History repeats itself

Kulp's of Stratford restores a Thomas Jefferson Monticello replica at Howard Young Medical Center

  • A Thomas Jefferson Monticello replica at Howard Young Medical CenterPhoto courtesy of Kulp's of Stratford LLC, Stratford, Wis.

At Howard Young Medical Center in Woodruff, Wis., life is celebrated. From first steps to first loves to the birth of a grandchild, each day begins with new promise. In 1977, the 99-bed facility was built through a generous grant from S. Howard Young, a New York art dealer and uncle of actress Elizabeth Taylor.

In 1999, it was named a Top 100 orthopedic hospital by the Health Care Information Association. In 2001, it joined Ministry Health Care and the Sisters of the Sorrowful Mother, making it one of the largest and most successful Catholic health care networks in the U.S. Its network reaches across Wisconsin and into Minnesota through a system of integrated hospitals, clinics, long-term care facilities, home care agencies, dialysis centers, and many other programs and services.

The center itself is an acute care facility with specially trained physicians, nurses and technical personnel dedicated to caring for the health and wellness of those in its communities. Health care professionals oversee the care of general medical surgical patients as well as those in intensive care and transitional care units. Its birthing center prides itself on offering a family-centered approach to labor and delivery in a relaxing, home-like environment.

The entrance and dome to the medical center is a replica of Thomas Jefferson's Monticello in Charlottesville, Va., where Jefferson lived for more than four decades and spent a substantial amount of time designing, dismantling and reimagining the estate he considered his "essay in architecture."

When the roof system on the dome and wings of the medical center's Monticello were in need of replacement, Kulp's of Stratford LLC, Stratford, Wis., was selected for the project.

Restoring Wisconsin's Monticello

Wearing personal fall-arrest systems, a five-person crew began work on the steep-slope areas. The crew removed 50 squares of standing-seam and flat-panel galvanized steel that was installed over felt underlayment, which had largely disintegrated, down to the plywood deck. About 20 percent of the wood was rotted and replaced with new 3/4-inch-thick plywood. Grace Ice & Water Shield® then was installed, followed by new Coated Metals Group 24-gauge Kynar®-coated standing-seam steel panels fabricated on-site by Marathon Metals LLC, Stratford, Kulp's of Stratford's sister company.

The crew then removed the existing steel panels and felt underlayment from the dome. About 80 percent of the dome's plywood deck had rotted through and was replaced with new 3/4-inch-thick plywood. Next, Grace Ice & Water Shield® was installed, followed by new 24-gauge Kynar-coated galvanized steel interlocking panels, also fabricated on-site. Marathon Metals then made 14-inch-wide seamless flashings to cover the dome's steps.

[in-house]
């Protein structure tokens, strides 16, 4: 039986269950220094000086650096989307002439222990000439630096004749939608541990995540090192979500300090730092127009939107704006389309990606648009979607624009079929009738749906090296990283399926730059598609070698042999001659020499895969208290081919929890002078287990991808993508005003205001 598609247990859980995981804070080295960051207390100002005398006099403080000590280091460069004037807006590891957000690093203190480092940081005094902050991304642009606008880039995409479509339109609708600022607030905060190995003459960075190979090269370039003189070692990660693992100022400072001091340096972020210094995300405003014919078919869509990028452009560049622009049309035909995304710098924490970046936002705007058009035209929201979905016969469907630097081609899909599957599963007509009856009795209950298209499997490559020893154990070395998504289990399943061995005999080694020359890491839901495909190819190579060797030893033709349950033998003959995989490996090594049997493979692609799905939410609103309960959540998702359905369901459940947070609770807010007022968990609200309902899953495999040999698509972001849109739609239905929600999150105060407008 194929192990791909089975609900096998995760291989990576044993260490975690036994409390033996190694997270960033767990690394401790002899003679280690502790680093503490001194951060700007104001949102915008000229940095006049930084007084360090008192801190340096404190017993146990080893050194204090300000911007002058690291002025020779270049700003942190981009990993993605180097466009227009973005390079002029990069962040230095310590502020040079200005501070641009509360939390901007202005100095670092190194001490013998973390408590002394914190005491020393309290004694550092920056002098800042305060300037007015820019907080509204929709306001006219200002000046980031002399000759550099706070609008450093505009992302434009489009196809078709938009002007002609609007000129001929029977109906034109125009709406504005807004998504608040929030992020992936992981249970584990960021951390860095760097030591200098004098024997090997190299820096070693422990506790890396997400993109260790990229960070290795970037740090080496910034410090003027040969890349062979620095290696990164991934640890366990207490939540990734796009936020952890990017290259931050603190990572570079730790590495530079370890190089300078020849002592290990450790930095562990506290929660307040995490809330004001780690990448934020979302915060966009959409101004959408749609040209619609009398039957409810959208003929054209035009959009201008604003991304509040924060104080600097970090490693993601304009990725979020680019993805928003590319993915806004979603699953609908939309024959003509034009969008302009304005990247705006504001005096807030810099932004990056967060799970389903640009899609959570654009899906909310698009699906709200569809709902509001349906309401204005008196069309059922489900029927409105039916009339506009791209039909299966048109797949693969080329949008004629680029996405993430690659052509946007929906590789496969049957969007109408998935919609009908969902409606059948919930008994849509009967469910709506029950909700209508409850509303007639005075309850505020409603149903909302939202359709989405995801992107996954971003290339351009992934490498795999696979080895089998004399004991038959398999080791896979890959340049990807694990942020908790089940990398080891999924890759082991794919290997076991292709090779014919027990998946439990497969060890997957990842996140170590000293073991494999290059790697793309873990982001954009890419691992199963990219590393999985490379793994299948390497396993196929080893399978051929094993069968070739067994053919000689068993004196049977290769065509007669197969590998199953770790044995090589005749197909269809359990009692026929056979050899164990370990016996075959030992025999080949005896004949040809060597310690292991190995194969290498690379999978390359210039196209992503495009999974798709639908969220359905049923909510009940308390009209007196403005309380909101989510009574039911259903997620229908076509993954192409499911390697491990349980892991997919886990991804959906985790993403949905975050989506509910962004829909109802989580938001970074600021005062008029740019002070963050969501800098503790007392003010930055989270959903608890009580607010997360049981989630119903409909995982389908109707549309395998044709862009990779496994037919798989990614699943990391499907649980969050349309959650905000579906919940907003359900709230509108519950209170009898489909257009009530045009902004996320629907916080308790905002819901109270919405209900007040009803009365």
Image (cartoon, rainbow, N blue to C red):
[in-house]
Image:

Challenging details

The biggest challenge the crew faced was reconstructing the bases for the railings on the steep-slope areas. The railing bases had been compromised structurally because of the severity of the rotted wood. Marathon Metals designed new one-piece 24-gauge steel covers and flashings for 34 rail bases so water entry and resulting rot would never again be an issue. The pieces were fabricated, welded and painted in its sheet metal shop.

"The railings provided the biggest challenge but also were the most rewarding part of the project," says Bob Kulp, founder and owner of Kulp's of Stratford. "We reinstalled the railings in a watertight manner after leaking had caused extensive rotting, and they turned out beautiful."

A beautiful state

Work on the project began in March 2012 and was completed the second week of May. The project took a bit longer to complete because of the large amount of unexpected rotted deck to replace and unpredictable spring weather. Kulp's of Stratford successfully restored the medical center with such precision that while looking at the building, one may envision he or she is not in Wisconsin but in Virginia looking at Jefferson's Monticello.

Chrystine Elle Hanus is Professional Roofing's associate editor and NRCA's director of communications.

Project name: Howard Young Medical Center
Project location: Woodruff, Wis.
Project duration: March 2012–May 2012
Roof system type: Steel
Roofing contractor: Kulp's of Stratford LLC, Stratford, Wis.
Product manufacturers: Coated Metals Group, Madison, Wis.; Grace Construction Products, Cambridge, Mass.; Marathon Metals LLC, Stratford



Be the first to comment. Please log in to leave a comment.